Amsterdamned (1988)

Be glad you're afraid. It means you're still alive.
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Amsterdamned - Be glad you're afraid. It means you're still alive.

As the end of the eighties loomed, slasher movie makers began to struggle to find original methods and motivations for serial killers to deprive the innocent of the rest of their life. To keep it real, before the later decades resorted to supernatural fast food mascots and murderous baked goods, writer and director Dick Maas (known for The Lift and Saint) came up with the idea of a killer scuba diver lurking in the canals of Amsterdam. Whether this was a stroke of genius or a desperate clutch at a drinking tube is up for debate but the title, Amsterdamned, is undeniably genius.

Coming from Holland himself, Dick Maas gives Amsterdamned a very European feel reminiscent of the Italian gialli of the same era but with an injection of Netherlands cheekiness. As is often the case with violent murder mystery shows of European descent, there is one standout scene of brutality bolstered with an uncomplicated mystery, a lot of mystery solving dialogue and an irrational side-story to fill in any gaps.

Dick Maas uses the best kill as the first kill in the first scene after the credits. This only exposes itself as the best kill in the scene following the actual crime so admittedly it is the aftermath of the kill which is the spectacular part. Seeing the bloody corpse of a dead hooker suspended from a bridge being dragged over the roof of a glass topped boat full of distressed children is a sight to be relished. Rather than setting the standard though this simply serves to set the bar quite high and the rest of the film pales in comparison.

The mystery solving dialogue is provided by detective Eric Visser (Huub Stapel - known for The Lift and Saint). Detective Visser's skill set is trying to look cooler than Officer Frank Poncherello while maintaining ruggedness, investigating places that co-workers have told him to investigate, making obvious observations, and throwing in the occasional one-liner. All of this while trying to penetrate a civilian female diver that crossed his line of investigation who he decides can help with police work. He doesn't come across as the greatest detective and freely admits that his job involves being patient until you get lucky (either with a raging clue or with a lady). Maybe this is a reflection of the lawful nature of Amsterdam citizens and probably some pro-marijuana propaganda. Visser’s luck reliant detective techniques of investigation pay off when, after some patience, it luckily turns out that the mystery isn’t too mysterious and his newfound lady friend can easily solve the case while he smokes and looks cool.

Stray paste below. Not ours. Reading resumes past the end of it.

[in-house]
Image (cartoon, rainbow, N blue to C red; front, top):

The irrational side-story is provided by the adolescent daughter of Visser and her psychic pal, Willy, who are determined to solve the murders themselves. Despite having some uncanny psychic abilities and the dubbed voice of a thirty year old, Willy doesn’t contribute to the crime resolution or the story.

The writing tries to add an element of light heartedness. The intentional humour and subtle yet abundant innuendo relies on pies to the face, mother-in-law-jokes, old people in flippers and a snorkel confessing to crimes, dubious stains and talk of slots and weapons. The real comedy is unintentionally provided by the script. Shoddy writing or losses in translation often provide this kind of amusement in this era and genre. “16 stab wounds of which at least 8 were fatal” defies logic but is delivered without a single smirk or raised eyebrow. Surely only Sean Connery can die more than once. As is also common, there are numerous vocal exchanges where far too much descriptive information is traded.

The ending is quite a cliché and springs out of nowhere rather than springing from a place towards which suspicions have been pointed. It is as if something more traditional was tacked on at the end to allow the movie to be unambiguously categorised. Despite this, the big reveal is only a few minutes and is more of a slight disappointment rather than a movie destroying flaw.

Amsterdamned is a fine mix of European thriller and traditional US slasher circa the seventies. The setting brings the originality but this doesn’t provide enough to raise the story above mediocrity. The direction raises the overall film a few rungs higher up the slasher ladder by maintaining the momentum. Whenever there is a risk of a lull in interest a murder or an action sequence is thrown in. A motorbike chase and a quite epic speedboat chase (which is maybe too long at the 8 minute mark) change the vibe from slasher to James Bond but doesn’t disrupt the flow. The music is very slashery and helps reinforce the horror at times when the violence is not so violent yet the killer is still up to his murderous tricks. The beginning is great, the ending is unsatisfying, what happens in between is enjoyable enough to maintain interest but probably won’t be memorable.
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Categories: Slasher Movies

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